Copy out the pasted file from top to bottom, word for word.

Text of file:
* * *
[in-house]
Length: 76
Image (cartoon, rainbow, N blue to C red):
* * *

[in-house]
Length: 76
Image (cartoon, rainbow, N blue to C red):